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Stephanie Dennison and Lisa Shaw

beyond. This chapter begins by considering the commercially successful cinematic adaptations of the work of two of Brazil’s foremost playwrights of the twentieth century: Nelson Rodrigues and Dias Gomes, followed by a discussion of the popular pretensions of two significant cinema novo films, Garota de Ipanema (Girl from Ipanema, 1967) and Macunaíma (Macunaíma, 1969). It returns briefly to the work of Nelson

in Popular cinema in Brazil, 1930–2001
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Horror, ambivalence, femininity
Deborah Martin

with constructions of femininity – which are subject to the scrutiny of Martel’s investigative gaze. From its very first sequence, the film presents us with the confusion and intermin­ gling of sexuality and holiness, elements which supposedly remain distinct, antithetical within the ideology of Catholicism and especially within its version of femininity. The film begins with the singing, by Inés (Mía Maestro), the girls’ spiritual leader, of a devotional poem in 55 La niña santa which religious faith is expressed through the language of erotic, even masochistic

in The cinema of Lucrecia Martel
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Steven Peacock

’s Cafe, Österleden and Stortorget). Stieg Larsson is at pains to describe the shops, bridges, and homes of Hedeby Island in The Girl with the Dragon Tattoo, paying as much attention to mapping the contours of this isolated (fictitious) locale as he is to setting out the complex webs of deceit spun there by its occupants. While Scaggs’ description draws a through-line from Agatha Christie to C.S.I: Crime Scene Investigation (dir. various, 2000–ongoing), there may also be particularly modern reasons for heightening senses of space and place in Swedish crime fiction

in Swedish crime fiction
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Embodiment and adolescence in recent Spanish films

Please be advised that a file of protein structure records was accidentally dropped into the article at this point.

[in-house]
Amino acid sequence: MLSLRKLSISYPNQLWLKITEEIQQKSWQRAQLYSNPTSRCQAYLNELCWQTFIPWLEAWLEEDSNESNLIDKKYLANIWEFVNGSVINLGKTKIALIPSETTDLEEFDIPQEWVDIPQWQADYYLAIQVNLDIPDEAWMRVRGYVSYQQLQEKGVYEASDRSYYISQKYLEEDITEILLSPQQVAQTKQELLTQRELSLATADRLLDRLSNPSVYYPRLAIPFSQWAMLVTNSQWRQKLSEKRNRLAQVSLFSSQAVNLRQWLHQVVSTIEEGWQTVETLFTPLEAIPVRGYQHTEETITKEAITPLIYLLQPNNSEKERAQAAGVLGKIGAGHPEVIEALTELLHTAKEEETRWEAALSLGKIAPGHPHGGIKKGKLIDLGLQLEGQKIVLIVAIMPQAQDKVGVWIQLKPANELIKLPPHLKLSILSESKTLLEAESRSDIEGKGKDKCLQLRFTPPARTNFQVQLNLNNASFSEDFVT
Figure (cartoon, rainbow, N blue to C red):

Sarah Wright

collision of feet, hands and train, nevertheless works to keep children and train separate in the filmic space. In the scenes on the fairground roller coaster, we experience the twists and turns of the ride, but we are always anchored to a reassuring two-shot of the boys. I suggested earlier that the train might be seen as a trope to represent adolescence. We may be reminded, also, of its cinematic precedence in, for example, the scene where the two girls, Ana and her sister Isabel, press their ears to the track in Víctor Erice’s El espíritu de la colmena as a game of

in The child in Spanish cinema
Rowland Wymer

The relative success of Sebastiane (it ran for sixteen weeks at the Gate Cinema in Notting Hill before transferring to two other London cinemas and a number of provincial venues) encouraged Jarman, Whaley, and Malin to attempt the impossible once more and make another independently financed feature film. The starting point for Jubilee was Jarman’s fascination with Jordan, a girl who worked at the

in Derek Jarman
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Love and death
Peter William Evans

The Stars Look Down (1940) The film that followed Climbing High, A Girl Must Live , had been made while Reed was under contract at Gainsborough, so when the opportunity arose for him to direct The Stars Look Down permission was needed to work for another studio to direct the film that many regard as his first major work. Pauline Kael even went so far as to claim that it was ‘possibly his best

in Carol Reed
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Lisa Downing and Sue Harris